NEW BRITAIN, Conn. (AP) — State officials authorized the Millstone nuclear plant on Thursday to significantly expand nuclear waste storage capacity over the next 30 years.
Without a national site to take spent nuclear fuel, Millstone Power Station's owner, Dominion Resources Inc., turned to Connecticut for permission to increase storage at the Waterford site.
The nine-member council voted unanimously without discussion to allow Millstone to build concrete pads necessary for an expansion of its waste storage. Millstone is seeking to expand storage from 19 cask storage units now to 135 by 2045. However, Millstone's application does not include a request to install the 135 casks, the Siting Council said.
Melanie Bachman, staff attorney for the council, said Millstone has authorization to install 49 casks and must seek permission for the remaining 86.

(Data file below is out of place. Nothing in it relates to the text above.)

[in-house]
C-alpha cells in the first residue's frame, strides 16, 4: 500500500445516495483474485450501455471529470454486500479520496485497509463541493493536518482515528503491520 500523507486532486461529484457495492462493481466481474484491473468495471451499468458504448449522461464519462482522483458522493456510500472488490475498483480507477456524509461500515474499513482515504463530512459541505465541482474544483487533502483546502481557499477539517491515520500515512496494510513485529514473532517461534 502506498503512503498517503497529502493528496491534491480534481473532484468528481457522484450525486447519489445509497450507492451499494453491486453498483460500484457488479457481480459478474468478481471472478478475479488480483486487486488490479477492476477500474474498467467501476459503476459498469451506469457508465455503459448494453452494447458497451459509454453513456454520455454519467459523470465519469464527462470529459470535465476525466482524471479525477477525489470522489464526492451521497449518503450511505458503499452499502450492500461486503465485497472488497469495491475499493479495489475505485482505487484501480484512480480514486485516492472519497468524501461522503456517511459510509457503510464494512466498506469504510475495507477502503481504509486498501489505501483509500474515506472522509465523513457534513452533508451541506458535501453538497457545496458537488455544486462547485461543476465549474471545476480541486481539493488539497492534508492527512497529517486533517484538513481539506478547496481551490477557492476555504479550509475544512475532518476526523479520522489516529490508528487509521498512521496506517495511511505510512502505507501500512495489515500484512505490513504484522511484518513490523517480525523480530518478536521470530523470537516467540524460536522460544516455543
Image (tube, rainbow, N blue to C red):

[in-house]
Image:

Ken Holt, Millstone's spokesman, said the state's permission to build the pads gives Dominion flexibility in planning long-term storage requirements.
The key problem facing nuclear plant operators and public officials is the inability in Washington to decide what to do with radioactive waste produced by nuclear power plants. Congress designated Yucca Mountain in Nevada for a nuclear waste dump, but the plan has been opposed by the state's elected officials, including Senate Majority Leader Harry Reid, D-Nev.
In the meantime, spent nuclear fuel is stored on site at the nation's 104 nuclear reactors in pools or in dry casks.
Local storage is Millstone's only option, Holt said.
"It's not our first choice," he said. "But unfortunately, the federal government has not lived up to its obligation to take the fuel like they were supposed to."
The state Department of Energy and Environmental Policy criticized federal inaction on nuclear waste.
"Nuclear waste is a federal problem and needs an immediate federal solution," the agency said in comments to the Siting Council.